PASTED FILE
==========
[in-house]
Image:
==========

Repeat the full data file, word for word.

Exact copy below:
[in-house]
Image: